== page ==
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Eros and Psyche

by Jehanne Dubrow

after Antonio Canova’s sculpture (1787)

From a certain vantage point they could be lovers—the man with his arms encircling my mother, and both of them gone marble. He has woken her with the sound of broken wings. Her blanket is polished rock, cold and weighted to the bed. From this angle the knife is hidden, although it’s there, the way an arrow is always shooting through this story, desire a dart that finds the tender spot. Bodies make a space for gods to intervene. Tonight if there are souls like butterflies, then they have stilled. If beauty could be bolted in a box, if a deity could say, Don’t open this, then my mother might stay asleep forever, unbothered by the monument of those hands.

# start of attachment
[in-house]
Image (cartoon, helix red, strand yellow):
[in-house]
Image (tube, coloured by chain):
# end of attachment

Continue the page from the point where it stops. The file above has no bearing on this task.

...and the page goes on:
Jehanne Dubrow is the author of four poetry collections, including most recently Red Army Red and Stateside (Northwestern University Press, 2012 and 2010).  Her work has appeared in The Southern Review, Crazyhorse, Prairie Schooner, and Ploughshares. She is director of the Rose O’Neill Literary House and assistant professor in creative writing at Washington College, on the Eastern Shore of Maryland. (12/2012)

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